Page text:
In what is shaping up to be a year of transition all around the WNBA, the New York Liberty are proving to be as experienced at the makeover as anyone.
There is but one player left on the roster from the team that New York fielded just two years ago -- forward Essence Carson. Coach Bill Laimbeer was in, then out, then in again with the Liberty during a tumultuous offseason. And even with only Carson back on the roster, Laimbeer has a team that could be a pleasant surprise in the Eastern Conference.
"We made a decision to go in a different direction," Laimbeer said Saturday after his team's preseason finale against Atlanta. "We wanted to go younger. We wanted to bring in energy players. We wanted a different attitude and culture and players that the New York fans could identify with for the long term. They are going to be here for five, six, seven years, growing up. That was our plan, and so far I think we've accomplished that."
After the Liberty reversed course during the winter on their decision to retain Laimbeer as head coach -- the team failed to reach the playoffs under him the past two seasons -- he went to work. Laimbeer traded Cappie Pondexter to Chicago for Epiphanny Prince. He signed Tanisha Wright after her long tenure in Seattle. And then he traded his way into the first round of the WNBA draft, not once but twice, to get Connecticut's Kiah Stokes and Cal guard Brittany Boyd.
Then came the controversial news that team owner James Dolan had hired Isiah Thomas to serve as the Liberty's team president, a move that generated a firestorm because of a female employee's 2007 lawsuit that alleged sexual harassment by Thomas when he was president and coach of the New York Knicks. The employee, Anucha Browne Sanders, won the civil suit and an $11.6 million settlement against chairman James Dolan and Madison Square Garden Inc., which owns the Knicks and the Liberty.
"We wanted a different attitude and culture and players that the New York fans could identify with for the long term. They are going to be here for five, six, seven years, growing up. That was our plan, and so far I think we've accomplished that." Liberty coach Bill Laimbeer
Laimbeer said the team voted that only a couple of players would be speaking to the media about the Thomas situation. Center Tina Charles said the team has tried to minimize the "noise," which she said has mainly come from the media.
"Our team has stayed together as a unit," Charles said. "We just want to win. We haven't made the playoffs in two years, so that's our focus. Stay tight and get a W."
Charles, who was traded to New York last season because she wanted to play in her hometown, hasn't missed many postseasons in her playing career. She wants back in.
"As long as you have a postseason, you have a chance to win a championship," Charles said. "To not have that opportunity is very frustrating."
In addition to an infusion of young talent like Boyd and Stokes, the Liberty shored up their veteran presence with Candice Wiggins, Wright and Prince, who was Chicago's second-leading scorer last season on the way to the Sky's run to the Finals. Prince will miss the first month of the season as she plays for the Russian national team as Russia attempts to qualify for the 2016 Olympic Games in Rio.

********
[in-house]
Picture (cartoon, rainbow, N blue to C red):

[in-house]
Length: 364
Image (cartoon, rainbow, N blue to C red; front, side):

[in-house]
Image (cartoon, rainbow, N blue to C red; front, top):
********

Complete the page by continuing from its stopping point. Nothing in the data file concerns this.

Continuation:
Laimbeer said the Liberty's training camp has gone better than he expected, and he thinks the organization has found its "guard of the future" in Boyd.
"We are putting in a lot of plays, learning a new offense; the coaches are working with me on my defense and my jump shot, and I feel like I'm learning really fast," Boyd said. "But I love the team, and it is really good energy to be around. We are joking around, hanging out together. And it's going to translate on the court. We just need to figure each other [out], learn where we like the ball, stuff like that."
Laimbeer also specifically mentioned excitement about Stokes, the Connecticut product he got with the 11th pick in the draft. Stokes averaged 10 points and 11 rebounds in two preseason games. "She's a solid, solid, fundamental player," Laimbeer said. "She is just always in position, does everything right, and is a much better shooter than we could have dreamed. We didn't know she was this good."
The Liberty also will need contributions from surprising Australian Rebecca Allen, who scored in double figures in both preseason games. "I thought she was going to be a project and she's so far ahead of that," Laimbeer said.
The Eastern Conference, which has produced just one of the past six WNBA champions, has been a predictably jam-packed group of teams that hover near the .500 mark until the very end of the season. That gives the rebuilt Liberty a chance to sneak into the mix in the conference.
But at the end of the day, even the optimistic Laimbeer admits that for all the progress and the pleasant surprises, he doesn't quite know yet about this team. "From a win-loss perspective, I don't have a clue at the moment," Laimbeer said. "I do know how we are going to play, but I don't know how it translates into wins or losses yet. But I think we could be very solid."